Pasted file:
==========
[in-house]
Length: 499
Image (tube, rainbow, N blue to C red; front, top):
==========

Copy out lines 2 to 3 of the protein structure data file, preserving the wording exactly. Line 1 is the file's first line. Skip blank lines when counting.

Length: 499
Image (tube, rainbow, N blue to C red; front, top):